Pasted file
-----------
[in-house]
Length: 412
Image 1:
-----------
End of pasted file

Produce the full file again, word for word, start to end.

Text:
[in-house]
Length: 412
Image 1: